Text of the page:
Cleveland Browns: Forgetting the unforgettable
By Roger Cohen
It is easy to overlook Spergon Wynn on the list of Cleveland Browns quarterbacks, but still not forgivable to do so.
I confess, mea culpa – I messed up my last DawgPound Daily post big time. Can’t the site afford a fact checker? (Editor’s note: the bosses won’t pay for union editors.)
In my “look on the bright side” ode to Robert Griffin III, I reported Griffin would join David Mays and Jason Campbell as the only Afro-American Cleveland Browns’ quarterbacks, totally forgetting about not just one but two other starters: Seneca Wallace and Spergon Wynn.
It was easy to overlook Wallace. Registering one win and seven losses as a starter for the Browns over the 2010-11 seasons, Seneca was a Seattle Seahawks’ cast-off emblematic of czar Mike Holmgren’s “if I was sleepless in Seattle I was comatose in Cleveland” telecommuting stint.
Related: RG3 looks to resurrect career, Browns
But how did I overlook Wynn, who lost his only Browns start 48-0 in Jacksonville on Dec. 10, 2000? That day Wynn completed five-of-16 passes for 17 yards. Not 17 yards per completion – 17 yards total. Wynn’s longest pass that Sunday was for eight yards, meaning his other four completions averaged two yards each (but at least no interceptions).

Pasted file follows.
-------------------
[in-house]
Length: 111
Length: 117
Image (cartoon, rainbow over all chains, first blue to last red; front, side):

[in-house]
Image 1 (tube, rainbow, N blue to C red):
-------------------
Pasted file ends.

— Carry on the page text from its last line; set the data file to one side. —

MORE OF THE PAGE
Interestingly, in a valiant comeback attempt offensive guru/head coach Chris Palmer turned to his bench and both Doug Pederson and Kevin Thompson earned 100 passer ratings by completing one pass apiece, each also for eight yards. (Memo to the NFL Competition Committee: you can improve league parity by shortening Browns’ first downs from 10 to eight yards.)
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Despite Wynn’s prolific performance against the Jaguars, he is best remembered for being the Browns’ sixth-round selection in the 2000 NFL Draft, passing on another long-shot college prospect quarterback just sitting there waiting for his name to be called just 16 picks later.
You might have heard of him – Tom Brady. Yeah, the one who has taken the New England Patriots to six Super Bowls, winning four, for a head coach you may also have heard of, one that the Browns suffered through the pre-genius version of: Bill Belichick.
Cleveland officially welcomed Griffin to town this week, and the consensus in Browns Nation seems to reflect how I respond as I am still greeted with “RG3! RG3!” chants everywhere I roam across Washington, D.C.
“Hey, he came cheap, and could he be any worse than we’ve had?”